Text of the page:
Heat-Resistant Materials Could Improve Thermophotovoltaic Systems
A huge step forward was taken in the area of thermophotovoltaics, as researchers created highly heat-resistant emitters. The first-of-its-kind emitters remain intact even at 2,500 degrees Fahrenheit, whereas past models could only withstand about 2,200 degrees Fahrenheit of heat.
So far, thermophotovoltaic systems have only been able to achieve about 8% efficiency. Study co-author Paul Braun, a professor of materials science at Illinois, said that the researchers used coated tungsten emitters in a nanolayer of a ceramic material known as hafnium dioxide for creating the materials.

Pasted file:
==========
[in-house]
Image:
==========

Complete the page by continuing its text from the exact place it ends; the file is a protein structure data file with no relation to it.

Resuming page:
If you want to know more about this and other topics directly from end users of energy storage technologies join us at one of these annual events: The Energy Storage World Forum (Grid Scale Applications), or The Residential Energy Storage Forum, or one of our Training Courses.